The information below comes from the statement of deficiencies compiled by health inspectors and provided to AHCJ by the Centers for Medicare and Medicaid Services. It does not include the steps the hospital plans to take to fix the problem, known as a plan of correction. For that information, you should contact the hospital, your state health department or CMS. Accessing the document may require you to file a Freedom of Information Request. Information on doing so is available here.

FAWCETT MEMORIAL HOSPITAL 21298 OLEAN BLVD PORT CHARLOTTE, FL 33952 July 10, 2018
VIOLATION: PATIENT RIGHTS: RESTRAINT OR SECLUSION Tag No: A0166
Based on observation, policy review, and staff interview, the facility failed to develop a plan of care for 5 (Patients #3, #7, #8, #9 and #10) of 6 patients reviewed for restraint use. The care plan is a source of information for those responsible for the patient. A restrained patient's responsible nurse may not know which interventions to implement in an effort to have restraints removed.

The findings included:

On 7/2/18 at 10:00 a.m., during a tour of the facility, observed Patients #3, #7, #8, and #10 in soft, bilateral wrist restraints. Patient #9 was in a "net bed" (canopy netting restricts the patient from leaving the bed).

On 7/5/18 at 10:15 a.m., Registered Nurse Staff G said she has given training to the staff for the new computer program they are using. She said when a patient is placed in restraints and the nurse does her assessment, nursing should generate a plan of care for restraints. She attempted to retrieve restraint care plans for Patients #3, #7, #8, #9 and #10 and stated, "The care plan isn't there. I do not know why they are not initiating it. I guess I have more training to do."

Review of the hospital Patient Restraints and Seclusion policy and procedure revealed use of restraints should clearly reflect a loop of assessment, intervention and evaluation for restraint and seclusion and medications. Patients and families should be involved in care planning to the extent possible and made aware of changes to the plan of care.
VIOLATION: PATIENT RIGHTS Tag No: A0115
Based on record review, interview with clinical and administrative staff, and review of policy and procedure, the hospital failed to ensure the protection and promotion of patient rights for patients related to discharge option, alternative physicians, or a second opinion, grievances being responded to timely, and the right privacy of personal data. These failures demonstrates systemic noncompliance with the condition of patient's rights.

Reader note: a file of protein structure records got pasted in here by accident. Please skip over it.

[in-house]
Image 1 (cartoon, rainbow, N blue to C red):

1. The hospital failed to ensure patient rights for discharge options for 1 patient. Patient #2 was being discharged despite the daughter's request for a different physician. This resulted in a delay of services. (Refer to A117 for details.)

2. The hospital failed to ensure grievances were referred and processed in a timely manner for 3 patients. Patient #2's grievance had no letter of resolution. Patient #15's grievance had a letter of resolution sent 29 days after initiation. Patient #16's complaint had a letter of resolution sent 26 days after initiation. (Refer to A120 for details.)

3. The hospital failed to ensure a rapid response was responded to timely for 1 patient. The hospital also failed to provide a new doctor in a timely manner in response to the request from Patient #2's representative. (Refer to A131 for details.)

4. The hospital failed to protect patients' rights for personal privacy on 3 (2nd, 3rd, 4th) of 4 floors of the hospital. Potentially individually identifiable health information was posted to computer boards on multiple units. (Refer to A143 for details.)
VIOLATION: PATIENT RIGHTS: NOTICE OF RIGHTS Tag No: A0117
**NOTE- TERMS IN BRACKETS HAVE BEEN EDITED TO PROTECT CONFIDENTIALITY**


Based on a record review and staff interview, the hospital failed to ensure patient rights for discharge options for 1 (Patient #2) of 11 patient records reviewed. Patient #2 was being discharged despite the daughter's request for a different physician. This resulted in a delay of services.

The findings included:

1. Review of clinical records revealed Patient #2 had been hospitalized 3 times within a short period of time. The first admission was 4/29/18 through 4/30/18. The patient was readmitted [DATE] through 5/11/18. She was readmitted [DATE] complaining of chest pain and stomach pains. The patient was placed on observation status. The original plan was for the patient to return to the skilled nursing facility where she had been prior to the hospital admission. On 5/14/18 a pending discharge was written by the hospital. The patient's daughter did not want the patient discharged as she felt the patient needed additional workup. No physician visited the patient on 5/14/18.

2. In an interview on 7/2/18 at 1:56 p.m., the Patient Safety Officer and Vice President of Nursing both agreed the daughter was requesting a different doctor, but the order was already written for discharge. They explained Patient #2 initially made no objection to the discharge, but when transport arrived in the late afternoon to take the patient, she refused. The Chief Nursing Officer (CNO) told the staff to keep the patient in the hospital. On 5/13/18 at 8 p.m. orders were written to keep the patient. The new doctor did not see the patient until on 5/15/18 at approximately 1:30 p.m.